E. The Instant Action

Plaintiffs initiated this action on March 23, 2015, and the court granted in part and denied in part Facebook's motion to dismiss the original complaint. Dkt. No. 59. Plaintiffs then filed an amended complaint and, later, the SAC. Dkt. Nos. 62, 107. This motion followed.

II. LEGAL STANDARD

Federal Rule of Civil Procedure 8(a) requires a plaintiff to plead each claim with sufficient specificity to "give the defendant fair notice of what the . . . claim is and the grounds upon which it rests." Bell Atl. Corp. v. Twombly, 550 U.S. 544, 555 (2007) (internal quotations omitted). The factual allegations in the complaint "must be enough to raise a right to relief above the speculative level" such that the claim "is plausible on its face." Id. at 556-57. A complaint that falls short of the Rule 8(a) standard may be dismissed if it fails to state a claim upon which relief can be granted. Fed. R. Civ. P. 12(b)(6). "Dismissal under Rule 12(b)(6) is appropriate only where the complaint lacks a cognizable legal theory or sufficient facts to support a cognizable legal theory." Mendiondo v. Centinela Hosp. Med. Ctr., 521 F.3d 1097, 1104 (9th Cir. 2008).

When deciding whether to grant a motion to dismiss, the court must generally accept as true all "well-pleaded factual allegations." Ashcroft v. Iqbal, 556 U.S. 662, 664 (2009). The court must also construe the alleged facts in the light most favorable to the plaintiff. See Retail Prop. Trust v. United Bhd. of Carpenters & Joiners of Am., 768 F.3d 938, 945 (9th Cir. 2014) (providing the court must "draw all reasonable inferences in favor of the nonmoving party" for a Rule 12(b)(6) motion). However, "courts are not bound to accept as true a legal conclusion couched as a factual allegation." Iqbal, 556 U.S. at 678.

Also, the court usually does not consider any material beyond the pleadings for a Rule 12(b)(6) analysis. Hal Roach Studios, Inc. v. Richard Feiner & Co., 896 F.2d 1542, 1555 n. 19 (9th Cir. 1990). Exceptions to this rule include material submitted as part of the complaint or relied upon in the complaint, and material subject to judicial notice. See Lee v. City of Los Angeles, 250 F.3d 668, 688-69 (9th Cir. 2001).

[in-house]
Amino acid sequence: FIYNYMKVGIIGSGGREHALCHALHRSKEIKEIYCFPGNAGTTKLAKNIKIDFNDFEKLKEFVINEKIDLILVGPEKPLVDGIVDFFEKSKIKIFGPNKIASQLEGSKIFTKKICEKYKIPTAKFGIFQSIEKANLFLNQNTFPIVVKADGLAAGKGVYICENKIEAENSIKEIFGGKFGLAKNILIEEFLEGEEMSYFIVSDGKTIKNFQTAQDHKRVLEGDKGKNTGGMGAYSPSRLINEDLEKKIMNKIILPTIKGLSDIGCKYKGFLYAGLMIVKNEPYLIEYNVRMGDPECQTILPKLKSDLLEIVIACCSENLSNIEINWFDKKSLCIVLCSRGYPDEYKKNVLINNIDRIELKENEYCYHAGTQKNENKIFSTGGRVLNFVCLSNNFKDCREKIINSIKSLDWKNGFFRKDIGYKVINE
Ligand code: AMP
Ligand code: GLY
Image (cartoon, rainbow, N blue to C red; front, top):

III. DISCUSSION

Facebook moves to dismiss all the claims asserted in the SAC. Each is discussed below.

A. Misappropriation of Trade Secrets

The California Uniform Trade Secrets Act ("CUTSA"), codified at California Civil Code § 3426 et seq., "creates a statutory cause of action for the misappropriation of a trade secret." Brescia v. Angelin, 172 Cal.App.4th 133, 143 (2009). A "trade secret" is "information, including a formula, pattern, compilation, program, device, method, technique, or process, that: (1) Derives independent economic value, actual or potential, from not being generally known to the public or to other persons who can obtain economic value from its disclosure or use; and (2) Is the subject of efforts that are reasonable under the circumstances to maintain its secrecy." Cal. Civ. Code § 3426.1(d). "Misappropriation" includes the "[a]cquisition of a trade secret of another by a person who knows or has reason to know that the trade secret was acquired by improper means." Cal. Civ. Code § 3426.1(b). "Improper means" includes "theft, bribery, misrepresentation, breach or inducement of a breach of a duty to maintain secrecy, or espionage through electronic or other means" but excludes "[r]everse engineering or independent derivation alone." Cal. Civ. Code § 3426.1(a).

To state a claim under CUTSA, a plaintiff must demonstrate: "(1) the plaintiff owned a trade secret, (2) the defendant acquired, disclosed, or used the plaintiff's trade secret through improper means, and (3) the defendant's actions damaged the plaintiff." Cytodyn, Inc. v. Amerimmune Pharms., Inc., 160 Cal.App.4th 288, 297 (2008).

i. Ownership of Trade Secrets

Facebook argues that neither BRG nor Bripco can maintain a claim for misappropriation of trade secrets for different reasons. As to BRG, Facebook contends its status as a licensee does not satisfy the ownership element of the claim. As to Bripco, Facebook argues the SAC does not describe how it was damaged by the alleged misappropriation. These arguments are unconvincing.

a. BRG